Skip to Main ContentAn Honest Chance: Perspectives on Drug Courts

Is jail important? How well would drug court work if the judge didn’t send people to jail when they were performing poorly?


Brooklyn participants who had been to jail previously found it to be a negative and unproductive experience:

  • Before I come to the [Brooklyn Treatment Court], the total amount of time I spent in jail, give or take, was about 60 days. It was an experience . . . and I said it’s really got to stop.

  • I spent time in jail—6 months—this is why I like the program. When you get out of jail, there’s nothing to do. You go back to the same.

  • You can get high in jail.

  • Here you get outside treatment to go, to but in jail you don’t have nothing. You get to go back to the same atmosphere.

  • Because we know if you stay in jail too long, you gonna come out like raving idiots or animals.

The use of jail as a sanction was central in much of the focus group discussion in Brooklyn:

  • [Jail] is a wakeup—definitely.

  • You need to be scared of something [to make this work].

  • We don’t call it jail, we call it remanded, sanctioned. I didn’t want to go to my day program so she sanctioned me to 2 days in jail. I got out of there and went straight to a residential program.

  • That’s the time you get your head cleared up and think about where you’re going.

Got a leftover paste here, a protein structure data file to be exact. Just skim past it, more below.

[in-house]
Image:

• She gave me 2 days in the Brooklyn House, and I laughed. Then I did 2 weeks in the Brooklyn House and I laughed. Then I did 1 month and a half in the Brooklyn House and I got out and was ready to do the right thing.

  • For me it was because it made me realize that she wasn’t going to play around. . . . I got time. . . . Just the fact that you can go back to jail, you want to make the extra effort to go straight.

  • Did 14 days. Called her every name in the book. When I got back there, I thought about it.When she said 14 days, that’s it.

  • For me, it made me realize she wasn’t going to play around. If you do this, then you gonna go to jail.

  • [Jail] keeps you in check.

Las Vegas

A real desire to avoid incarceration was obvious throughout the focus group discussions of Las Vegas participants:

  • The drug court makes you have to get clean, otherwise you’re going to jail. It’s either or, you know.

  • You know, it makes you have to quit if you want to, otherwise you are going to jail.

  • The last time I was in court he said, “Do you want to be in this program?” and I was dying to say, “No I hate it.”. . . But I’m not going to say that. He’ll say 30 days in jail, the maximum he can give me now.

  • I pushed and worked in the drug court because I didn’t want to go to prison. . . .


Miami participants agreed that the threat of jail was a real motivator in drug court:

  • Yes—it’s very important. [General consensus.]

  • Jail is his hammer when people are out of compliance.

  • Jail motivates change.

  • Program would not work without jail.

  • No, without jail, no. It wouldn’t work. Judge is sayin’, “Like, try to do it again.” If there’s no jail, no punishment, they don’t listen, they just go through it. . . .

  • Jail do help you want to change. Want to change what you are in the world. Like me. Like I go to my old spot, my hanging spot. . . . I want to go back home. I don’t want to have to come here or go to jail. . . .

One participant argued that incarceration was not an appropriate response to addiction: